Ninety Percent Will Transition in five days, but 10 Percent Could be Waiting up to Four Weeks for the New Water Supply
Waukesha Water Utility customers will be able to track the progress of the city’s new water supply when the transition from ground water to Lake Michigan water begins on Monday morning, October 9. A new interactive map has been launched on the Waukesha Water Utility website that you can find here.
Blue areas on the map will indicate where the utility has confirmed the presence of Lake Michigan water by taking samples from hydrants being flushed. No activity will be visible until Monday when the transition begins, but we suggest that you bookmark it if you’re interested in following the progress.
The water utility must move approximately 50 million gallons of water through more than 300 miles of water mains over the course of several weeks, starting on the east side of Waukesha. The Waukesha Water Utility serves the 72,000 residents of the city, as well as some residents in the City of Pewaukee and the Village of Waukesha.
The water utility has forecast the transition will occur for 90 percent of its customers within the first five days. However, they are now noting that the remaining 10 percent of customers could be waiting three to four weeks for the new water supply if they are located on the edges of the utility’s service area or at dead ends and cul-de-sacs. This is important for those ten-percenters who need to bypass their water softeners or prepare their kidney dialysis or fish tanks for the transition. For more information on preparing for the transition and deciding what to do with your water softener, see our previous story, “Waukesha: Should You Keep Your Water Softener?”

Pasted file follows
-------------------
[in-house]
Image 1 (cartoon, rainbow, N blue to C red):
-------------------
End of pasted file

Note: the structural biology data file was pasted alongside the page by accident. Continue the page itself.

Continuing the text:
“The most common request from city residents has been for more certainty about when the water will reach their home or business,” Mayor Shawn Reilly said. “I thank the utility for being responsive to concerns by developing an interactive map. That will help customers track the progress of the lake water through the city. Having this information will help residents understand when the new water supply may reach them, so they can watch for potential issues like discolored water,” Reilly said. “The map will also help our business customers who need to make adjustments for the water supply.”
The switch from the city’s groundwater supply to 100% Lake Michigan water from Milwaukee was originally planned for mid-September. The utility pushed the date pack to October 9 to provide more certainty about the timing of the change and to better address issues that came up during preparations.
“The utility’s priority has been to minimize inconveniences that may occur during the transition,” the mayor said. “The extra time gave utility staff time to ensure the best product. For example, utility officials decided to empty the new above-ground reservoirs and refill them in order to minimize any potential taste or odor problems during the transition. It also addressed programming issues that had developed with its new water pumps during startup testing.”